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One of the best lessons I learned from doing the Whole30 was to always read labels. I had been eating clean for a while, so I was used to just avoiding obviously processed foods: no more frozen meals, "meals in a box," pop tarts etc. But it is the non-obvious foods that you have to be the most careful with; the ones that I used to purchase without thinking, because I just assumed that the only thing in the them was what was labeled on the front.
"Oh, it says all natural" or "Well this is organic, it must be healthy." Sound familiar?
I decided last week that while I was grocery shopping, I would take a closer look at a few healthy foods that I consider staples in most kitchens, especially for people eating paleo/primal.
If you eat paleo/primal, you probably switched from peanut butter to almond butter. Or if you're eating clean, you're avoiding the regular section of peanut butter and shop the organic aisle. You might take a look at all of your options, and if you're like me, you pick based on what's on sale.
All Natural, Barney Butter Almond Butter. Found in the organic aisle. But do you see the problem? Take a closer look at the ingredients and you find that they've added evaporated cane juice and palm fruit oil. Also known as sugar.
MaraNatha All Natural Almond Butter. Also found in the organic aisle. This time it's labelled with organic unrefined cane sugar and palm oil. Organic or not, it's still sugar.
Well what brand should you buy? Are all almond butters the same?
Kettle Brand Almond Butter has two ingredients: almonds and salt. That's it. So yes, it is possible to find almond butter without sugar, you just have to hunt for it.
Alright, so I know we're supposed to make our own chicken broth. I even have the instructions written down somewhere so I can try it myself. But sometimes we just don't have the time, or the spare chicken carcass to make it, and have to rely on the box stuff.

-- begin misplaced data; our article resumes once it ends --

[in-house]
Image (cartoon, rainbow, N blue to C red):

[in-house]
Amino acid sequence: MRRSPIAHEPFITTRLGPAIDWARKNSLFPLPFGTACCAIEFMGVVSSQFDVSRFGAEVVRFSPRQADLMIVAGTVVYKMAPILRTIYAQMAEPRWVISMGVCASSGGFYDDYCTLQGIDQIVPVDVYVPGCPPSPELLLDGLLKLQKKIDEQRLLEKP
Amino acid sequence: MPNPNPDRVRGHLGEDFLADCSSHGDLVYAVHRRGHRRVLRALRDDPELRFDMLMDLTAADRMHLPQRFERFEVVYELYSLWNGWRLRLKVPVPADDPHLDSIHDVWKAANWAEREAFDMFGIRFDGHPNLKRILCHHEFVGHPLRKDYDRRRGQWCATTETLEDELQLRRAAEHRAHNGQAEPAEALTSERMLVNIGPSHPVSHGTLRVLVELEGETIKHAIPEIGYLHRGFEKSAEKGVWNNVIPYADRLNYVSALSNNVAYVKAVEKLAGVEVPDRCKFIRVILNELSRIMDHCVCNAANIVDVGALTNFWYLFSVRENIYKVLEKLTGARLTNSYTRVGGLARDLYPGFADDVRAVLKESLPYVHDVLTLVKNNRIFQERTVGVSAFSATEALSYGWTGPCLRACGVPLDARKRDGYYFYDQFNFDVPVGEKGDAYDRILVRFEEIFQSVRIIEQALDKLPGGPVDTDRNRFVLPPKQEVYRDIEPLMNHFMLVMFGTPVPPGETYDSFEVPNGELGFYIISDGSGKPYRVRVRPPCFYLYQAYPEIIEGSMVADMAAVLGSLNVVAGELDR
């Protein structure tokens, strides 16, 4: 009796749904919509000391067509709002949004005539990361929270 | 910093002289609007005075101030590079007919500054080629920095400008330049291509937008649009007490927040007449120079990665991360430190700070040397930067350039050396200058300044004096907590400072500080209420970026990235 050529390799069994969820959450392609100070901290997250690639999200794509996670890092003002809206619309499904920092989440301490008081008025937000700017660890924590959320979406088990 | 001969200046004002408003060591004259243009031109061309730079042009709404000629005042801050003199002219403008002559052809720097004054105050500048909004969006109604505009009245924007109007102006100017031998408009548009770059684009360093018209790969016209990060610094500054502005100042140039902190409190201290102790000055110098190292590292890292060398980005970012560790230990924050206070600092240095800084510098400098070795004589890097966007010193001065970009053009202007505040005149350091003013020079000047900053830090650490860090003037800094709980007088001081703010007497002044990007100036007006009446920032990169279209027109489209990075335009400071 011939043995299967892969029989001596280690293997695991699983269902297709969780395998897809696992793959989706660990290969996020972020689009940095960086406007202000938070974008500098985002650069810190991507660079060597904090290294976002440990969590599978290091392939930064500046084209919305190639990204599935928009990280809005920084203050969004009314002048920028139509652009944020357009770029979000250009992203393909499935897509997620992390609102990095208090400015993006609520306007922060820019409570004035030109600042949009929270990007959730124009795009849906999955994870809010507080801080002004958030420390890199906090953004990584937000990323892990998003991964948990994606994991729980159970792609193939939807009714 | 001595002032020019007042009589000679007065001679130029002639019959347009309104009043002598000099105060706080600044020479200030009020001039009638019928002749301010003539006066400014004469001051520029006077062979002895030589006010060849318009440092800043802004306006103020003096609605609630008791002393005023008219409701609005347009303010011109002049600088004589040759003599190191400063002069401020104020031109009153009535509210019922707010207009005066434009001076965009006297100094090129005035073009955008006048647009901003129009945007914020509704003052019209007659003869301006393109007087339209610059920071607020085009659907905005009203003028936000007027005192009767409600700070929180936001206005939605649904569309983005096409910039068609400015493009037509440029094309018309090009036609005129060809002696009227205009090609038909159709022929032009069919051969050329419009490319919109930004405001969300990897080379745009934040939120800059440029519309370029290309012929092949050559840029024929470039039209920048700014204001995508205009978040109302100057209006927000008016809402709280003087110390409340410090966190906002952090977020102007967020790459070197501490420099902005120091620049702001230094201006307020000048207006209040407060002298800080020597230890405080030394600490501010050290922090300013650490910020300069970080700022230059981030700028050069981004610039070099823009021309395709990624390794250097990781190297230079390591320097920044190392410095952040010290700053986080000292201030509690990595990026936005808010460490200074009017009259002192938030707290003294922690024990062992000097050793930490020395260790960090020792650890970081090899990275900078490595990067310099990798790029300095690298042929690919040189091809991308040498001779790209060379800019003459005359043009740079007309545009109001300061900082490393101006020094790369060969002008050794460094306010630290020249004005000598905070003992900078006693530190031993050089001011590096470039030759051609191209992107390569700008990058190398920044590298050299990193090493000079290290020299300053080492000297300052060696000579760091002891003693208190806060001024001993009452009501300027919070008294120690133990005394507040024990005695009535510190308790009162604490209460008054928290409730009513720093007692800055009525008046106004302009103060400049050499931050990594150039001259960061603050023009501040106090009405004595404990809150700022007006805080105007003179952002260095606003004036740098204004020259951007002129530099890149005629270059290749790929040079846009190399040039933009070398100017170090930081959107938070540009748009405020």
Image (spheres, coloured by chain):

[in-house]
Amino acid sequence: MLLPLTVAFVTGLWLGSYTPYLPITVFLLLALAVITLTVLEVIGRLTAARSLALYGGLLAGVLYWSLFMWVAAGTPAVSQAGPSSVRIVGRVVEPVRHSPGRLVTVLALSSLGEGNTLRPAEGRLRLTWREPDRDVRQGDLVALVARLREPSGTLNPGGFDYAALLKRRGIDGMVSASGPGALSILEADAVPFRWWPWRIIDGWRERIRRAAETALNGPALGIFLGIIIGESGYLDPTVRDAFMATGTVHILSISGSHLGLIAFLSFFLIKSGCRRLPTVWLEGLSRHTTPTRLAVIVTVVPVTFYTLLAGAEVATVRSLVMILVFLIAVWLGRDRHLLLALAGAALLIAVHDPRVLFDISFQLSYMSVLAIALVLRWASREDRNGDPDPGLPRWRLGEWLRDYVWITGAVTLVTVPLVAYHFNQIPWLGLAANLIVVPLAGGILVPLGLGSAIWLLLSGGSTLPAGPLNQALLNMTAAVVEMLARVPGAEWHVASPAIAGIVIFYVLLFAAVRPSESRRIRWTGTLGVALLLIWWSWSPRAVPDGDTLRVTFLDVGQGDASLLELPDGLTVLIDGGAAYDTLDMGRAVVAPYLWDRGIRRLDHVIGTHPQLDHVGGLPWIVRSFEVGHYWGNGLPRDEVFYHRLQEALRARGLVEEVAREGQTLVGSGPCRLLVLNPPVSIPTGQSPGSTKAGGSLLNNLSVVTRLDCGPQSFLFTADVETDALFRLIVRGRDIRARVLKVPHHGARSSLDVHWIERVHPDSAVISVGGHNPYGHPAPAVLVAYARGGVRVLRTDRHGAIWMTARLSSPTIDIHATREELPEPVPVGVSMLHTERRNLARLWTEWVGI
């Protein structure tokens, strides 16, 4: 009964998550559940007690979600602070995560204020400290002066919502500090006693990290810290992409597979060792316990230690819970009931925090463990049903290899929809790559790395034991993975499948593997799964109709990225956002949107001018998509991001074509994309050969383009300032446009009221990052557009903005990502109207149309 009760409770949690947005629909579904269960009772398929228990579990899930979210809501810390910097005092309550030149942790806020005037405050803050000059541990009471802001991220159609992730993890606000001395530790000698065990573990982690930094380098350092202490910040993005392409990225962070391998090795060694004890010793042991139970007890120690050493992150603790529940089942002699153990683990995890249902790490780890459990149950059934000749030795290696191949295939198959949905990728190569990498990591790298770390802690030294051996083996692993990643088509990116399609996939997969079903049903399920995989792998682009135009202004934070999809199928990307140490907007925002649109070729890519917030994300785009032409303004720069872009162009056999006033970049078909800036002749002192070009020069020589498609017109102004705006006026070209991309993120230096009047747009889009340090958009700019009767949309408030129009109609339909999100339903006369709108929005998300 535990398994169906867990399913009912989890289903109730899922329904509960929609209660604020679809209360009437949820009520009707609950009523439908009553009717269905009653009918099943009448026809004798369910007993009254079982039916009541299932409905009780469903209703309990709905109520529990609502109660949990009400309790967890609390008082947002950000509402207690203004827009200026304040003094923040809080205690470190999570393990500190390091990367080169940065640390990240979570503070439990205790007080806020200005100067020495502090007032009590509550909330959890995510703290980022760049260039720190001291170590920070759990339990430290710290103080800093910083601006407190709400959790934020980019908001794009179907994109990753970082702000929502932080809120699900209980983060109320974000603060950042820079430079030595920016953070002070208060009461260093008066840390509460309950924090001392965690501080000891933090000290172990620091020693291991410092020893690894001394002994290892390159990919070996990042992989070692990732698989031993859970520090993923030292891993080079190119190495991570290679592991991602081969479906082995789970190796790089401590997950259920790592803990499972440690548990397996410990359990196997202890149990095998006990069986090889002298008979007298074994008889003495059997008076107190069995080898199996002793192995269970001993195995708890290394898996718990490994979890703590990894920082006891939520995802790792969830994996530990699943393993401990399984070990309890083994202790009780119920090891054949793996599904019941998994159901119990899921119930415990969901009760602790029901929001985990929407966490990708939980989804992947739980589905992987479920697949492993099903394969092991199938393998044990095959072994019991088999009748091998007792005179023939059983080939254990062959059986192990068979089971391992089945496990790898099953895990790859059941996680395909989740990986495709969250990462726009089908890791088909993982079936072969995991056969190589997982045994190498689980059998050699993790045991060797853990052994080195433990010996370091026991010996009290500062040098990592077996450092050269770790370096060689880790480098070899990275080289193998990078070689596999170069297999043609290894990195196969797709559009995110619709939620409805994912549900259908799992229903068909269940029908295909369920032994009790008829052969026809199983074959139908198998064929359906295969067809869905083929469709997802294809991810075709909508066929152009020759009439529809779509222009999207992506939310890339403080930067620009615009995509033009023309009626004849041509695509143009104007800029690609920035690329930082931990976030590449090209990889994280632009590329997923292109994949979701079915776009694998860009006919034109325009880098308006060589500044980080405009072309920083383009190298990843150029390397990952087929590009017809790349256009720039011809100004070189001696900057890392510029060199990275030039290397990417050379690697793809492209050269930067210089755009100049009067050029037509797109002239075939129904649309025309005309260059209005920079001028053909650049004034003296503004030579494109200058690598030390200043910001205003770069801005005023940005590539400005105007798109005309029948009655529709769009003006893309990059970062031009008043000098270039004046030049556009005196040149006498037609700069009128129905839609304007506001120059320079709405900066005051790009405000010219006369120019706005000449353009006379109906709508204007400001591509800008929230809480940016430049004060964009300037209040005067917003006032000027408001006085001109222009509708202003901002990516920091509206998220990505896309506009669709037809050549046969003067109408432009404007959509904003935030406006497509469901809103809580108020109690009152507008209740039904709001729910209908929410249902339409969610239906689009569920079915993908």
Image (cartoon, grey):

Swanson "Certified Organic" 100% Natural Chicken Broth. Sounds promising, right? But flip it over to the ingredients: cane juice (aka sugar), canola oil (a no no for paleo), molasses (aka sugar), wheat flavoring and potato flour. Eek.
Pacific Organic Free Range Chicken Broth. Found this one in the organic aisle. But once again, cane sugar...
So which one is best? Organic Imagine Free Range Chicken Broth. As you can see from the ingredient list, no sugar.
Once I gave up processed foods, I threw out the mayonaise and ketchup. But mustard has still been a staple in our fridge, used for things like Baked Mustard Lime Chicken. And minus Honey Mustard (which is flavored with high fructose corn syrup, not honey), you really can't go wrong with most brands. For example:
French's Spicy Brown Mustard. The ingredients look exactly as mustard should: vinegar, mustard seed, water, salt, spices etc.
But what if you wanted the fancy stuff, thinking you were getting something better for your family? Grey Poupon, Deli Mustard for example. Even though the picture on the right is a little hard to read from the glare of the grocery store lights, you can see the word "sugar." There is also white wine, citric acid, and fruit pectin, which while not bad for you, doesn't need to be in mustard.
Three foods down, five more to go. Since this post is already on the long side, I will continue with Part 2 tomorrow.